Pros and Cons of Moving to Australia
With a number of Australia’s cities frequently rated as some of the world’s most desirable destinations, it’s no surprise that many people make the move down under. However, it’s all too easy to see a country through rose-tinted glasses. To help expats get a fuller picture of the country, here’s a round-up of the pros and cons of moving to Australia.
Accommodation in Australia
As with most developed countries, accommodation varies with location. Compact apartments and townhouses in the city offer easy access to the hustle and bustle, while suburban dwellings a little further away from the city centre afford more space and a sense of community.
There is a wide array of real-estate options throughout Australia depending on an expat’s requirements and budget. Renting is popular in cities and, in most cases, it is possible to find a reasonably-priced place to rent.
On the other hand, while purchasing a property in an Australian city will offer plenty of choice, home buyers need to be aware that real estate law in Australia favours the seller, so plenty of research is essential before making an offer on a home. Competition against local and overseas investors can be fierce, so expats should be prepared to dig deep into their pockets for their perfect Aussie home.
Gone are the days of Australia being a cheap place to live in comparison with the UK or US. In recent years Sydney has been reported as being significantly more expensive than many other notoriously pricey global destinations, but it’s not all bad news.
Australian cities are undeniably expensive places to live, but salaries are also comparatively high. The cost of living may be high but so is the standard of living, and many residents feel it is worth paying that bit more to reside in Australia.
The price of food and utilities has risen dramatically over recent years and shows little sign of slowing. The price of everyday goods can certainly be a shock to those fresh off the plane.
Lifestyle and culture in Australia
Australia is first and foremost a friendly and accommodating country. The cities especially house a wide range of people from all over the globe. The outdoor lifestyle encourages people to come together, whether around a barbeque, at sporting events or just at a gathering of likeminded individuals.
Australian cities play host to many sporting events throughout the year with something to suit every sports fan. Outdoor activities are also popular, so it is easy to stay healthy in Australia. Running and cycling are especially popular in cities and can be kept up throughout the winter months thanks to the warm climate.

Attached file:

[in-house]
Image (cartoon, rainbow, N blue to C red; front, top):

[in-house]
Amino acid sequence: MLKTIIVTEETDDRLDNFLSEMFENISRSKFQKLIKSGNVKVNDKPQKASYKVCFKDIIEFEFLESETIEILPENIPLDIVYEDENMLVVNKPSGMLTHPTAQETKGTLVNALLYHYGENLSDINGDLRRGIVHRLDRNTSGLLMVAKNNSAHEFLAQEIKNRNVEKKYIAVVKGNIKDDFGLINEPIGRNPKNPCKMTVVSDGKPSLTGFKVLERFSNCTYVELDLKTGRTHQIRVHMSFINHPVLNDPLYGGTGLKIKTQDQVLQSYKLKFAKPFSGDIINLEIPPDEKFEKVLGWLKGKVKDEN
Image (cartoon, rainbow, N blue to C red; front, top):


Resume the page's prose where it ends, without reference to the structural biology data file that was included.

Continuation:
Outside of Sydney or Melbourne, cultural activities such as opera and ballet may be more difficult to find. The cinema might be the best option for artsy types as the main weekend attraction in rural areas is likely to be a football match.
Healthcare in Australia
Healthcare in Australia is a mixture of private- and state-provided care. Those eligible for Medicare, either as a resident or a citizen of a country for which there is a reciprocal healthcare agreement, are able to access subsidised necessary treatment. For those who cannot access Medicare, or for treatment which is not deemed necessary, private health insurance is recommended.
The healthcare system in Australia is of a high standard. Both public and private hospitals are well equipped and provide top-notch service. Both systems can be used by expats and it is easy to get to grips with what is and what isn’t available publicly.
Private health insurance is generally expensive and is a cost most expats will have to factor in. For some visa categories, expats ineligible for Medicare are required to take out private health insurance as a condition of their visa.
Education in Australia is generally excellent with good services and teaching staff. Schools are a mixture of public and private, with parents being able to choose which suits their situation best.
Private schools have a reputation that often casts them as exorbitantly priced same-sex boarding schools, and although these exist, there is far more choice on offer throughout Australia. Some private schools are very reasonably priced and offer students a wider range of activities and subjects than may be offered at a public school.
Private schooling can be expensive for families and competition can be fierce. Similarly, university-goers without Australian residency and international students can be hit with high tuition fees.
Driving and transport in Australia
Australia is a massive country and, with the majority of the population living in coastal areas, transportation between states can be expensive. The most popular way to travel between states is by air and there are regular flights between Australian cities. However, in areas that are more sparsely populated, even buses and trains can be less frequent or non-existent.
Australia offers a diverse climate and a wealth of unique wildlife, meaning that only a short plane trip can feel like landing in another country. Although cities do vary, urban transport in Australia is generally good, offering trams, trains and buses, although this varies from city to city.
If one is not travelling by plane, getting between states can be time-consuming and costly. Any other forms of transport will tend to take many hours.